4th of July: Why Denmark’s Park Celebrates US Independence | World

It was the Fourth of July, and I was watching the American flag fly by men in uniform as a country music singer in a cowboy hat and boots played the national anthem.

The scene was followed by a moment of prayer, asking God to bless the President of the USA. It was the cue for the band formed by members of the US Army to start playing the patriotic song God Bless America, and everyone singing together in one voice.

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If I were anywhere in the US on Independence Day, this scene might make sense. But I was about 7,400 km away, in the mountains of northern Denmark. And there the passion of the American dream mingled with the Danish hygge — a local term that describes the feeling of comfort and warmth — of a typical family picnic in the park.

It’s the Rebild Festival — arguably the biggest celebration of Independence Day outside the US. The unlikely celebration has attracted thousands of people dressed in red, white and blue since 1912 to the region of Rebild, a municipality about 30 km south of Aalborg, Denmark.

But why Denmark? This is a story that harkens back to a time when leaving Europe for the US meant saying goodbye to friends, family and country — often forever.

In the late 19th and early 20th centuries, there was a mass exodus of Danes to the US. These emigrants left in search of better living conditions and after the Mormons, an American religious movement that led thousands of Danes to convert.

The Rebild National Park Society, the Danish-American group that organizes the Rebild Festival, estimates that around 300,000 people left Denmark for the US by 1912.

“Many left Denmark in difficult times. They came to America, and some took that freedom and opportunity to be somebody in life, and they felt very proud and grateful to America,” explains Niels Voigt Guldbjerg, president of the Danish American Club in Denmark, who has lived in the US for 32 years. .

“They were so far away back then that when they came back to Denmark, it had a bigger meaning, and they loved America so much because the US had given them the opportunity they didn’t have in their country.”

One such emigrant was Max Henius, a Chicago-based biochemist who founded the successful American Brewing Academy, teaching the art of European-style brewing to local brewers before Prohibition took effect in 1920.

If returning to Denmark was a rare, expensive and time-consuming journey (several weeks by ship) for these migrants, those who made their fortunes abroad were particularly motivated to return and recognize both the importance of their origins and the opportunities that the US had provided them.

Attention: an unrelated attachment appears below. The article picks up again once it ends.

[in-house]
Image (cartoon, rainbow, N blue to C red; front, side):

It was this group of “New Americans”, led by Henius, who purchased an 80-hectare plot of land in northern Denmark to serve as a welcome place for all Danish-Americans. They donated the land to the Danish King Christian 10th, who in turn created the Rebild Bakker (Rebild National Park) as a natural haven for all Danes. But the donation came with a counterpart.

Every year, Henius insisted, the park should hold a festival celebrating US Independence Day, as a symbol of friendship between the two countries. The national park would also serve as a place where returning Danish Americans could always feel at home, whether meeting with relatives still in Denmark or celebrating the American dream with friends who have followed the same path.

The result, today, is a hodgepodge of traditions that contemplates the Danish passion for singing and aquavit, a distilled drink of Scandinavian origin.

When it opened in 1912 in the rain, the Rebild Festival brought more than 10,000 people to the park — with 1,000 taking a long journey by ship from the US to celebrate its origins, according to the Rebild National Park Society.

At the height of the post-war period in 1948, the celebration attracted around 50,000 people. Notable presences over the years include: US Supreme Court Justice Earl Warren (1955); Walt Disney (1961); former US President Richard Nixon and Danish King Frederik 9th (1962); six-time Grammy winner Dionne Warwick (1988); American actor Richard Chamberlain (1990); and US Attorney General Janet Reno (1994).

Today, the festival of friendship has turned into a nearly week-long celebration of get-togethers, galas and ceremonies throughout the Rebild region, which continues to strengthen the ties that unite the two countries. It’s a place where all interested people in the US, whether they’ve been there or not, can come together and celebrate.